Welcome to Net Zero, your daily industry brief on clean energy and Canadian-resource politics.
A joint federal-provincial environmental assessment has revealed that only one out of the 117 comments submitted on Atlantic Gold’s proposed Fifteen Mile Stream mine expressed positive sentiments for the project.
The lone supporter of the mine emphasized the importance of the project for the province’s economy.
“It is critical for there to be a balance between supporting economic growth and ensuring environmental sustainability,” Nick MacGregor of MacGregors Industrial Group said. “Without a healthy and active economy, particularly in our rural areas, there are simply far less financial resources available to support environmental improvement projects such as renewable energy, water treatment, wildlife sanctuaries, and more.”
The other individuals who sent in comments were particularly concerned about the mine’s impact on the environment and wildlife.
“Gold mines are well known to generate highly toxic waste, which inevitably pollutes watersheds, water sources, soil, flora, and fauna in the area, and are incredibly disruptive to the biosphere. At a time when we must safeguard our natural environment, allowing projects such as this is antithetical to that mandate,” one comment read.
Atlantic Gold, a gold mining company based in N.S., would run the 400-hectare open-pit mine in the Liscomb Game Sanctuary, which is located 30 kilometres north of Sheet Harbour, N.S.
Meanwhile, Natural Resources Canada questioned “the adequacy of the proposed mitigation measures related to arsenic and acid-generating rock.” CBC News has more.
France’s oil company, Total SE, has been rebranded as TotalEnergies, in order to reflect their renewable energy shift. Over 90 per cent of shareholders voted in favour of the motion at the company’s annual general meeting, BBC News reports.
“We want to become a sort of green energy major,” said CEO Patrick Pouyanné.
Total is the fourth-largest privately-owned oil and gas producer in the world, and has already committed to net-zero emissions by 2050.
Meanwhile, Quadad de Freitas, a 21-year-old Indigenous tourist guide, and Troy Thomas, a university lecturer, are seeking to halt offshore drilling by large oil firms, in Guyana. ExxonMobil is among those mentioned in their court filing.
They argue that “(the Guyanese government’s) approval of oil exploration licences violates the government’s legal duty to protect their right and the right of future generations to a healthy environment,” writes the Guardian.
“This is a classic public interest case,” said the lawyer Melinda Janki, who is representing the claimants in court. “In 2001-02 I lobbied the Guyanese government very hard to put the right to a healthy environment in the constitution. It’s in the interests of everyone to know what the law means, whether this oil production amounts to a violation of the right to a healthy environment. It’s then going to be up to the government to decide what actions to take.”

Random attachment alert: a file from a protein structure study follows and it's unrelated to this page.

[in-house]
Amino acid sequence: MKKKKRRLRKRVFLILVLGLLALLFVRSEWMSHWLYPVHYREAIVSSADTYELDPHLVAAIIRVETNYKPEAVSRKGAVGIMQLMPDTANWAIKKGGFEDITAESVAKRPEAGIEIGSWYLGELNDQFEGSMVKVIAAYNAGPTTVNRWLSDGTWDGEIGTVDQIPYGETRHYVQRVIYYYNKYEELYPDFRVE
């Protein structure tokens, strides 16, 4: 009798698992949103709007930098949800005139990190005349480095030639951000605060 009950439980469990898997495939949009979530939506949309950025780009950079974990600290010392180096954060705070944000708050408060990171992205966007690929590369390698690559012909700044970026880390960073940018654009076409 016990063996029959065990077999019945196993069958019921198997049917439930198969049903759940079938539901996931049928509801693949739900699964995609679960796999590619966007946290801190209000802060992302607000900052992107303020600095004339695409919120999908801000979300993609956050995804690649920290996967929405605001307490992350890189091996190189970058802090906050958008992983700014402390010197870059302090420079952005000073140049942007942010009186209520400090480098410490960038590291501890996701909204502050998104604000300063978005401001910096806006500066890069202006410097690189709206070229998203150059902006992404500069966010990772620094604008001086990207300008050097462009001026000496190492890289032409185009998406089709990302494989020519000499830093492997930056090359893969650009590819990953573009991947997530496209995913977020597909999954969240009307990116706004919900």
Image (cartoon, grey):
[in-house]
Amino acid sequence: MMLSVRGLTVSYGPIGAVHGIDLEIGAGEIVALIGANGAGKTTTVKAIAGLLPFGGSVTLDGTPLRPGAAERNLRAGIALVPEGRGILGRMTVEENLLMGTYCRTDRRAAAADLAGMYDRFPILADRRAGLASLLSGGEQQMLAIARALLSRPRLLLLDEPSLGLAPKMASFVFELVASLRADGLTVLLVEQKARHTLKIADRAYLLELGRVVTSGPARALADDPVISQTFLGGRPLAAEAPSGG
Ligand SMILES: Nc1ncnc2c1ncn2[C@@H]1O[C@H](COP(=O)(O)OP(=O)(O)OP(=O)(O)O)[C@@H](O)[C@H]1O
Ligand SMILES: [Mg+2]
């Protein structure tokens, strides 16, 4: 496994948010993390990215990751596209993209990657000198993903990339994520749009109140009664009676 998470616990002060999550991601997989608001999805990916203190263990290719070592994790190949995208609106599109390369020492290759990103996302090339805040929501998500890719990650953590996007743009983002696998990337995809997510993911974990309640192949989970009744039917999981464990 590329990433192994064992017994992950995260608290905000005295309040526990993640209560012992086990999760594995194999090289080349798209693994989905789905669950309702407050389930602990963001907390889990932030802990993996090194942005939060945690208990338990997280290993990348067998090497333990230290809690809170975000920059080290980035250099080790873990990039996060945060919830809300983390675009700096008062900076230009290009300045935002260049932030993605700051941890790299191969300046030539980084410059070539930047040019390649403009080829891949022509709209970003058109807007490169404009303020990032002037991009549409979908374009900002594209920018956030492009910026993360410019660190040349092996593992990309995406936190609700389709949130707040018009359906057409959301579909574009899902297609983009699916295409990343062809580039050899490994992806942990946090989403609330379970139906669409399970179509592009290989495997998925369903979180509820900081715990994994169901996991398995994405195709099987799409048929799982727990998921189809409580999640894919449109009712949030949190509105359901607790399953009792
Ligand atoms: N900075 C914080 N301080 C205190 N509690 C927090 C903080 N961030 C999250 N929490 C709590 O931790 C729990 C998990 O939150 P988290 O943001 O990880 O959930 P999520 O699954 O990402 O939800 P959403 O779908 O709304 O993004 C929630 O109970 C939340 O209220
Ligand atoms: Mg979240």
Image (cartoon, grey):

On Monday morning at 9:35 a.m., West Texas Intermediate was trading at US$67.34 and Brent Crude was going for US$69.71.
Canada’s booming lumber market has enabled members of Alberta’s Bigstone Cree First Nation to reap some of the benefits, says Chief Silas Yellowknee. Bigstone Forestry Inc., the Nation’s logging company, gained “the right to harvest 21,000 cubic metres of coniferous wood per year” in early May.
“First Nations have been accused of always asking for handouts. We don’t play that kind of game. We try to do what’s best,” said Chief Yellowknee in an interview.
In the 2020-21 fiscal year, Alberta’s timber dues amounted to approximately $350 million, more than triple the $99 million earned in 2019-20, according to the Canadian Press.
“(The Forestry Department) crunched the numbers and said about a 33 per cent increase from the annual allowable cut is something we could sustainably harvest and make sure we do preventive measures such as forest fire protection and pest management,” said Alberta Forestry Minister Devin Dreeshen, whose department is working on coming up with “ways to most efficiently use its bounty.”
Although the Alberta Wilderness Association and Chief Arthur Noskey, the grand chief of the Treaty 8 First Nations, say the province’s efforts are “potentially harmful to the forest,” Chief Yellowknee believes his part of the forest will be managed properly because of his ownership.
In other news, Canada needs a better electric vehicle (EV) strategy according to Sherritt International Corp.’s outgoing CEO David Pathe. Sherritt is a resource company headquartered in Toronto.
“Historically Canada has been a supplier of raw materials to the world — I think Canada can aspire to be more than that,” said Pathe. “There’s a role to be played between the government and bringing all the participants in the industry” from project developers and miners, to technology and research firms and processors to identify “bottlenecks” and help foster an EV battery industry. Bloomberg News has this story.
Canadian Crude Index was trading at US$51.71 and Western Canadian Select was going for US$51.60 this morning at 9:35 a.m.